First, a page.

The Internet is a harsh mistress. It giveth, it taketh away and rarely does one know which way it will go (aside from the ardent fanaticism regarding Firefly.) My first experience with Scribblenauts, a game where the point is to complete tasks and achieve a star by summoning anything you can think of, was watching YouTube videos of God squaring off against Cthulhu. There may also have been a skateboard involved. My jaw hit the floor when I realized I would soon play a game where the only limit was my imagination.

Once I played said game, however, I discovered with horror that my imagination ran dry after two hours. I summoned a jet pack to fly across a river. I whipped out a submarine to dive for fish in order to sate a hungry penguin. I, of course, dropped the gates of Heaven in front of me, knocked on the doors, and out popped God to say hello. I even conjured The Nothing just to see what would happen, and my brain melted from too much geek. Then to test it again, I just wrote

I doubt there has been a game this uniquely odd since Katamari Damacy, the last title this reviewer played where the puzzles were less the point than the bizarre nature of the game itself. It is difficult to genuinely comprehend the oddity that is Scribblenauts unless you play it. At the very least, there is literally nothing else like it on store shelves at the moment. Gamers bent on solely playing original titles over the latest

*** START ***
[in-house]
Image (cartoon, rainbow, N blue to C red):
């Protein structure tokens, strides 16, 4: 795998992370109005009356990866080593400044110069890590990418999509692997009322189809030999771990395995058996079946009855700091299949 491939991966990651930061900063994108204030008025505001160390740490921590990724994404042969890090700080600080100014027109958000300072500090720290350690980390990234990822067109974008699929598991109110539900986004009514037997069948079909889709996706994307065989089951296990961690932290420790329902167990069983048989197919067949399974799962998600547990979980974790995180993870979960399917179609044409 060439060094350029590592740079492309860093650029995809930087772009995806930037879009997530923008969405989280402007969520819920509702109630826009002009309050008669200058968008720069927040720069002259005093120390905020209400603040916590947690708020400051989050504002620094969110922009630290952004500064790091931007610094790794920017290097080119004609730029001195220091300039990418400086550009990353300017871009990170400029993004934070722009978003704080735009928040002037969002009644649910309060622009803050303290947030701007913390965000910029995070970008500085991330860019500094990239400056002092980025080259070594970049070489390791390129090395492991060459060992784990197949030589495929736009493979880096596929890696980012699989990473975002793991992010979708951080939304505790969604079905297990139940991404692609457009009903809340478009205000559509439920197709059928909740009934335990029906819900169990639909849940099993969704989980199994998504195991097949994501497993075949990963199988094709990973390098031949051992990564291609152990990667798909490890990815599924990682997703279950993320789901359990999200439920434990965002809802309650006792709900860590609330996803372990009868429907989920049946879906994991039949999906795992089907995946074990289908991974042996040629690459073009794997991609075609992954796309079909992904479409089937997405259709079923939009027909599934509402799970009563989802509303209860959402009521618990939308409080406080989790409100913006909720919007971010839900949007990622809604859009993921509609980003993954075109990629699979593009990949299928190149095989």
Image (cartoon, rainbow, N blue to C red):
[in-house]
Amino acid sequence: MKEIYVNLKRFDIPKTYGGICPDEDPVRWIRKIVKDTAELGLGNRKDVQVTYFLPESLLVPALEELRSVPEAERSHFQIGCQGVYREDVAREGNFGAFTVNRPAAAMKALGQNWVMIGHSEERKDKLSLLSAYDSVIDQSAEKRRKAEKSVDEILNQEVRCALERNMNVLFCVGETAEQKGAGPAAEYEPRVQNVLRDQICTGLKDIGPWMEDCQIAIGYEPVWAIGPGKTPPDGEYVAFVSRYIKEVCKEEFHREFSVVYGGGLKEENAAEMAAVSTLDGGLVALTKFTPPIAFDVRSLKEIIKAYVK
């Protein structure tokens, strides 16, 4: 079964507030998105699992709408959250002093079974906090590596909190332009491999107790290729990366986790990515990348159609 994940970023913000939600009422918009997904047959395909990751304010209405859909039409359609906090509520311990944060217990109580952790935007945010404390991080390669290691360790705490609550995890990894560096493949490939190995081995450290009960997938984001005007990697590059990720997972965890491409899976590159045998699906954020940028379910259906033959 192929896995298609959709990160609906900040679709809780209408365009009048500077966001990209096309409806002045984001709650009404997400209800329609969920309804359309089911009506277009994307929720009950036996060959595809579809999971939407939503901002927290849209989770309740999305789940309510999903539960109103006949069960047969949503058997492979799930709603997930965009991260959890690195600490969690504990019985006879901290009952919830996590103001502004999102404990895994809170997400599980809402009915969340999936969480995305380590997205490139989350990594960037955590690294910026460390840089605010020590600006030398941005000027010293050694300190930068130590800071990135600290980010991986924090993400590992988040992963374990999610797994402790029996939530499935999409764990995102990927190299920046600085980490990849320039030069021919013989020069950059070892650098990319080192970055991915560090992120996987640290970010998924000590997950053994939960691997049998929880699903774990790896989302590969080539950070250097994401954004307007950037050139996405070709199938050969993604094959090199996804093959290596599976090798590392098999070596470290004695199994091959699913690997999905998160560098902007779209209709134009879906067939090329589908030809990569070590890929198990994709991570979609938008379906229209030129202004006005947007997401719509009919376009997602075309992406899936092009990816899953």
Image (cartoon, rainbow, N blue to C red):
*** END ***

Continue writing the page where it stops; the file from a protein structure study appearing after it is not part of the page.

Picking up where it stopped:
The controls especially seem wonky. Tap on the screen to move the main character (Max) and he

If you want the difficulty kicked up a notch, there is a challenge mode where you are not allowed to use the same item twice. This will have you reaching for a thesaurus to see what else would achieve the same result as a lumberjack. But once you have plumbed the nether regions of your own imagination, and even that of your child(ren), you may find yourself asking if that

And now that I say it out loud, so to speak, that

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